20 October 2020 | Career Advice | annie blinkhorn
There is much uncertainty in the world of work and education. Many students who are presented with the opportunity of a gap year are feeling dejected by their limited options to create new experiences, take a break, and remotivate their ambitions.
While 2020 has felt like the longest year, travel restrictions and domestic guidelines have further limited how young people can approach a gap year. For some, breaking for a whole year is just unviable―education and work cannot always be put on hold.
Instead, taking a shorter break is becoming a more popular option. We have seen the rise of the micro-gap year, a shorter break where students can still experience the thrills and experiences of a normal year-long break condensed into a few months.
Here, we look at why students are taking shorter gap years and what experiences are waiting for those who do.
The best opportunity
For students who received their A-level results in August 2020, the following year may be the best opportunity to take a micro-gap year. After the government overturned UK results to match that of students’ teacher-predicted grades, this year saw the highest level of marks achieved on record. For instance, the number of A grades increased from 20.1 in 2019 to 27.1 in 2020. Subsequently, more students have achieved their grade requirements for university, and a record number of students have chosen the option of higher education.
However, with universities at capacity, especially given the need to social distance when face-to-face tuition commences, some students are being presented with a unique and intriguing opportunity: defer your entry and receive a grant.
Durham University announced that if students chose to defer to 2021 entry, they would receive a bursary and guaranteed accommodation when they eventually attend university. Some universities have been offering up to £4,000 for delayed entry.
In this instance, the financial incentive may appeal to students to defer, but some may feel that a few thousand is not enough to sustain themselves for a year. In this case, students are more likely to work for part of the year, but still have access to new opportunities for some.
While the coronavirus pandemic has thrown a spanner in the works for a lot of people’s plans, it stresses the importance of taking every opportunity you are presented with. For others who are further into university or are seeking out work, using this time when people are less inclined to take new opportunities is the reason to do it. Micro-gap years can still help you develop all of your social and employable skills, just like a full gap year.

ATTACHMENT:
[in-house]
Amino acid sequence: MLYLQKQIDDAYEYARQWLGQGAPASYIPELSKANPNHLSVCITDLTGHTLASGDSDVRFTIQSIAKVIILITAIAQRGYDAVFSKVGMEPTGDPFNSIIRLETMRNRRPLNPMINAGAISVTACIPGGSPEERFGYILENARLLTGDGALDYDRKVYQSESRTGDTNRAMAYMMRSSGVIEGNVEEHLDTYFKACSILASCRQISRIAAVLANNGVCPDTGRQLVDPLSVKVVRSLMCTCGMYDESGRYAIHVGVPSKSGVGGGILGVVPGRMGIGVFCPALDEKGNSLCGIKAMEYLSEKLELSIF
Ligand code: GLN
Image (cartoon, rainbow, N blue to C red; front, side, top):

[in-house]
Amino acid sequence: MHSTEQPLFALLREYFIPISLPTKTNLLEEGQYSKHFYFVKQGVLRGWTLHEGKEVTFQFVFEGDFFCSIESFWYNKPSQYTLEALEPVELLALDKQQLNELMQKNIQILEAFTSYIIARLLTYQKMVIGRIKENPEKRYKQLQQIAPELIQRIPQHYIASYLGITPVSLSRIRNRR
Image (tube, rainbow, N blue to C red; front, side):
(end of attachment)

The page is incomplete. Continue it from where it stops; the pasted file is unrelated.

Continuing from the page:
Developing your skills
People go on gap years for several reasons, from wanting to experience something different, to developing the employable skills. In an open survey by SIA Austria, asked why they took a gap year, one respondent stated: "It gave me the chance to take time out and work in a social environment.”
Another gap-year attendee emphasised how they broke up their gap year with employment, getting the best of both worlds! They responded: “I travelled for four months and then came home and worked in my local pub for six months.”
Breaking up your gap year by training in something you have a passion for is the key to micro-gap years. Employment is often used to complement other opportunities to make them more financially viable.
One opportunity allows people to learn how to become a ski instructor over 22 weeks. The five-to-six-month long course does not take up the entirety of a year, leaving other employment options open to students for the rest of their gap year.
While being a unique and enjoyable experience, it's important to understand how each activity can give you real-life employable skills. Training courses like these allow you to develop leadership, teamwork, social, and safety skills that can be used in any interview process or future job.
Giving back to the community
For those less adventurous, a micro-gap year is a perfect opportunity to give back to the community. Volunteer activities are becoming increasingly essential due to the difficulties that coronavirus restrictions have presented, particularly to vulnerable individuals.
According to UK Fundraising, one in five adults have volunteered during the lockdown, with 78 per cent of those intending to continue their charitable work after restrictions are eased. People who were furloughed were more likely to volunteer than people who weren’t, proving that work or education may prevent people from volunteering. Of course, there is still a demand for virtuous people to join worthy causes across the country.
One opportunity includes the NHS Volunteer Responders, who are supporting the NHS during the coronavirus pandemic. There are 1.5 million people in England alone who are at risk to the virus―this volunteering exercise allows you to help those closest to you. Tasks may include grocery shopping or picking up prescription medicine.
Volunteering on a micro-gap year means that people can make a positive contribution to society, while also opening themselves up to other employment opportunities. A gap year does not have to be a binary choice. You may opt to do part-time work or education to around your micro-gap year opportunities.
Micro-gap years may be limited in time, but they are not limited in the number of available opportunities, even during a pandemic. Gap years are intended to develop a series of skills, whether personal or employable, and a micro-gap year gives you the chance to harbour these skills while using some other time for education or work to make the break more viable. Whether you choose to go abroad or stay home during your micro-gap year, it’s unlikely that you’ll regret it either way!